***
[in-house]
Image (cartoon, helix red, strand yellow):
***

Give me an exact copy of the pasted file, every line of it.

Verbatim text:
[in-house]
Image (cartoon, helix red, strand yellow):